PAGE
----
Dividend stocks may see renewed buying interest if the Federal Reserve slashes interest rates on Wednesday, July 31. Analysts widely expect the central bank to cut the fed funds target rate by 25 basis points at the conclusion of its two-day FOMC meeting to offset the impact of the ongoing trade war between Washington and Beijing and a slowing global economy.

Typically, stocks that pay enticing dividend yields become more attractive when interest rates fall because they offer superior returns to competing fixed-income assets such as bonds, Treasury notes, and certificates of deposit (CDs). Over the past 40 years, S&P 500 dividend-paying stocks have outperformed non-paying dividend stocks by an average of 5% one year after the first Fed rate cut in each cycle, according to Ned Davis Research, per Barron's.

Below, we look at three stocks that have recently increased their quarterly dividend and offer a yield that outperforms the 1.9% S&P 500 average. As well as looking at names in low-interest-rate-friendly sectors, such as utilities and consumer staples, we look at a stock in the financial sector that should continue to grow earnings despite an easing Fed.

Kellogg Company (K)

Kellogg Company (K) manufactures and markets a variety of cereals and convenience foods. The maker of Special K, Frosted Flakes, Froot Loops, Rice Krispies, and Pop-Tarts has increased its third-quarter (Q3) dividend to 57 cents per share, representing a 2% increase. The 113-year-old company offers an annualized dividend yield of 3.81%. From a valuation perspective, Kellogg stock trades at 15.31 times forward earnings, below its five-year average of 17.5 times. As part of a restructuring move, the cereal maker announced in April that it plans to sell some of its snack businesses, including Keebler cookies, in a transaction valued at $1.3 billion. Trading at $58.42 with a market capitalization of $19.89 billion, the stock is up 4.44% year to date (YTD), underperforming the industry average by 8.07% as of July 30, 2019.

Kellogg shares appear to be forming a possible double bottom, although the pattern remains unconfirmed until the price trades above the formation’s neckline at $60. More recently, the stock broke above a downtrend line stretching back to September 2018 as well as the 200-day simple moving average (SMA). Traders who buy here should place a stop-loss order just below the downtrend line, which now acts as support, and aim to book profits on a move to crucial overhead resistance at $65.60.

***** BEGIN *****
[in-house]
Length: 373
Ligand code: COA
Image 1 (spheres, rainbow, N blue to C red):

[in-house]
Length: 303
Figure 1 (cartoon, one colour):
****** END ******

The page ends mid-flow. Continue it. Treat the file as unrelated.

Chart depicting the share price of Kellogg Company (K)
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Wells Fargo & Company (WFC)

With a $213.38 billion market cap, Wells Fargo & Company (WFC) provides retail, commercial, and corporate banking services to individuals and institutions through its community banking, wholesale banking, and wealth management segments. The banking giant expects to raise its Q3 dividend to 51 cents per share from 45 cents per share – a 13.33% increase, subject to approval by the company's board of directors. Furthermore, the company recently announced that it plans to buy back up to $24.5 billion of its stock.

Financial companies are "buying a great deal of stock back at 11 times earnings, which is very accretive to their earnings," said David Katz, chief investment officer at Matrix Asset Advisors, per the same Barron’s article previously referenced. "They are going to continue to grow earnings, even in a low interest rate environment," he added. As of July 30, 2019, Well Fargo shares issue an enticing 4.14% dividend yield and have gained 6.73% on the year.

Wells Fargo shares have remained stuck in a steady downtrend for the past 12 months. Last week, the price rallied above a 12-month trendline and the 200-day SMA – a move that may trigger further buying in coming days. The moving average convergence divergence (MACD) line also suggests the emergence of a new uptrend with a recent cross above the signal line. Those who take a long position should target a move to $54, where the price encounters resistance from a two-year horizontal line. Protect downside risk with a stop sitting just below the 50-day SMA.

Chart depicting the share price of Wells Fargo & Company (WFC)
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Avista Corporation (AVA)

Spokane, Washington-based Avista Corporation (AVA) operates as an electric and natural gas utility company through two divisions, Avista Utilities and AEL&P. The utility provider's primary markets, which include Washington State, Idaho, and Montana, continue to experience strong population growth. Earlier this year, the company increased its quarterly dividend by 4% to 38.75 cents. This represents a $1.55 annualized dividend and a yield of 3.39%. It marks the seventeenth consecutive year that the board has raised the dividend. As of July 30, 2019, Avista stock trades at about 23 times forward earnings, has a market cap of $3 billion, and is up 9.36% YTD.

Avista's share price plunged 13% on Dec. 6, 2018, after a potential acquisition by Canada's Hydro One Limited (HRNNF) fell through. The stock continued lower for about a month before finally printing a YTD low at $40.05 on Jan. 24. Since then, the price has broken above a cup and handle pattern to test significant resistance at $46. Over the past two weeks, a tight pennant pattern has formed, suggesting upside continuation. Those who take a trade should set a stop just below an area of vital support at $45 and look for price to close the gap at $50.44. Manage risk by moving the stop to the breakeven point if the stock climbs above the July 2018 swing low at $48.

Chart depicting the share price of Avista Corporation (AVA)
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